Here’s Why I’m Scared To Have Kids Right Now

Jenn Evelyn-Ann

As if the fact that statistically 20 million women and 10 million men in the United States suffer from an eating disorder that is considered clinically significant in their lifetime isn’t enough to worry about. Or that every 62 minutes someone dies from an eating disorder isn’t scary enough. Let’s also keep in mind that these statistics only include the people whose eating disorders have been not only diagnosed but ALSO deemed “clinically significant.” Which means, there is also an unknown number of others suffering and even dying from an eating disorder who’s lives and deaths are NOT EVEN COUNTED in these statistics!

As if knowing this alone wasn’t significant enough to absolutely terrify and haunt me when I so much as thought about having children someday, I couldn’t neglect to acknowledge what I know is especially true because of my own history: eating disorders run in families. And I want to have a family. But the last thing I want is for eating disorders to run in MY family.

One of the most beautiful gifts being in recovery from my eating disorder has given me is the ability to take my dream of one day having a family and turn it into a reality someday, now that I am healthy enough to do so. But of course, there’s a catch. There’s always a catch.

I fought like hell to recover from anorexia, so I could have healthy happy kids someday, and so those kids would never go through what I went through. But it’s not that simple, is it? The sole fact that I myself have struggled with an eating disorder could put my children at a much greater risk of developing one than having a mom who didn’t.

Those who have a relative with Anorexia are ten times more likely to have an eating disorder themselves. TEN TIMES. And it’s not like I would just be some relative they barely saw, I’m their mom. The person they look to for safety and comfort, and just being myself could put that safety at risk.

They run in families for a variety of reasons. First off, my children could potentially model after my behaviors and develop the same nasty habits that led me down the path to self-destruction. But I’m not quite as concerned about that, because I vowed I would never have children until I fully recovered, and until I was ready to be a healthy example who’s behavior wouldn’t become a negative influence. But then there’s genetics. Something I have zero control over. Now of course, there is no proof thus far of any certain gene causing an eating disorder, but we DO know that there are common core characteristics that people with eating disorders tend to have. And these characteristics if not learned through modeling, are usually genetically predisposed. Therefor there is the possibility that my wonky set of genetics could be inherited by my child and make them more susceptible to having an eating disorder.

I remember one afternoon when I was seventeen years old and living in a residential treatment center for my eating disorder, a therapy assignment that helped me get where I am today. We were told to make a list of all the things we wanted to do but we wouldn’t be able to do if we stayed sick. Amongst my list of having several dogs and a fairytale wedding someday, was the number one thing on my list; kids. I wanted kids.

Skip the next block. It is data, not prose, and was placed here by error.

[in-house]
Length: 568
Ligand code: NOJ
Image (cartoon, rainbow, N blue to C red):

And then it hit me.

I couldn’t find a single reason to get better for myself, I didn’t care enough about myself. But I did care about my future kids. And if I couldn’t save my life for myself, I was going to do it for them. Because although I deserved to be miserable and sick, they deserved a healthy, happy, and amazing mommy, and I was determined to give it to them.

Statistics are raw, they a real, and they are petrifying. But one thing they aren’t, is certain. I know, because I used to believe I was one. I knew wholeheartedly that I would be one of the lives lost every 62 minutes and I would be a sad young obituary in the newspaper used to raise awareness for other kids so they didn’t end up like me. And yet, here I am.

I am not a statistic. I very easily could have been one, but instead I am here. So, while I may have every odd against me when it comes to having healthy children, I’ve had the odds against me before… and that never stopped me, so why should it now? Statistics are meant to be broken, and lives are meant to be lived, not counted. So that’s what I’m going to do with mine. I am here, I am happy, I am healthy, and someday I’m going to be a mommy.

And no matter what my children may go through, no matter how much of it is completely and utterly my fault, I will never regret choosing to have them. Because the moment I chose my children, I no longer choose my eating disorder. You see, if I were to refrain from having kids because of the fear my past has placed in me, then my eating disorder would still be in control of my life. I would still be sick. But it isn’t, and I’m not. I will do everything in my power to try to keep the grips of an eating disorder from ever touching my precious children, but even if harm ever comes their way, I still will have won. I still will have chosen them. Because there would be no life to protect at all, had I not chosen to see if I would fly instead of fall. TC mark

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